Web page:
BAGAKOAA May 20, 2010 What goes down must go down
On November 19, 2009 there was this blog called The Salve Lucrum Blog that suggested a correction was due. A 10-15% correction was suggested again on the 4th of January 2010. And again on the 10th of January. And there were a couple of more suggestions it was coming. The flash crash of two weeks ago was not a correction. The last two weeks since the flash crash was the correction I was expecting.
At about 10 am PST, the market was down about 350 points and stocks got foolishly cheap. We went on a little shopping spree and picked up more KO, CVX, GIS, IBM, AAPL, and MCD. Please remember I had cash from all the positions I stopped out of during the flash crash and had been waiting for some ridiculous lows to get back in some great stocks.
The market did recover a bit until we were informed of the great news that the US Senate had broken its gridlock and passed a finance reform bill that no one has read and is not completely finished. That made the market feel so warm and fuzzy it finished the day down amost 4%.
Today the portfolio did get stopped out of KTCC, one of my spec picks from about a month ago, but loosing 8% was enough and now it is on my watch list again. I rode Flowserve FLS, another great cash rich company down 9% before getting off that train. Other than that, toady was a day of not watching the Bloomberg and figure out where to deploy cash. One of my options was to put a little dent on a line of credit.
Tonight I was looking for some “accidental yielders” to do homework on. If you watch Cramer you know that an accidental yielder is a stock that has a good dividend, but because the price of the stock is down for no apparent fundamental reason, its dividend as a percentage of its share price generates a great yield. For example if XYZ is paying a 25 cent per quarter dividend and its price has dropped from 50 dollars to 40 dollars for no other reason than market chaos or fear, its yield would be 2.5% (4X.25=1.00/40.00). Its dividend yield has risen from 2% to 2.5%. Here are some of the accidental yielders I will be looking at. CSX, MCD (which I own), YUM, VZ (which I owned in 09), INTC (which I own), KMB, and T. Do you own homework on this and see if you find anything cool. I’ll let ya know what I find out.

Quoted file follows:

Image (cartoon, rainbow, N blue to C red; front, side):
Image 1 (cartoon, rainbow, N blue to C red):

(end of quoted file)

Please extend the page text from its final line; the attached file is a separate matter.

Now today did suck, but there were a few winners out there. For the last two weeks I told you we were getting into VXX, an ETF with almost follows the Chicago Board of Options Exchange volatility index (VIX). By last Friday it was my second largest holding. (About 5% of the portfolio). It is up 28% since I bought it so it covered some of my drops in other equities.
I heard the term, “indiscriminate selling” today. I think we saw a lot of that today. The S&P was trading below a level of 13 times 2011 estimated earnings. That is cheap, but money managers were still running away from some unidentified risk. The fear of Germany not allowing the sale of shorted naked CDSs and the unknown impact of the new senate slappy hand bill are totally over whelming the fact that Our Kind of Place A Hap Hap Happy Place is selling for 14 times earnings and about 5 times its book value. That is like getting a Big Mac for 99 cents. Ya gotta jump on it. Intel is selling at 12 times earning and a little over 2 times book value. Come on get me some chips with that Big Mac. KO the world’s most recognizable brand COKE, is selling for just under 14 times earning and under 5 times book value. Give me some Coke with that burger and chips. (Now I have done a lot of homework on these three and the only questionable news about any of them is the fact that beef prices are up which could ding MCDs margins. I’ll bet they up the price a nickel or two in a few months. But that would lead to inflation.)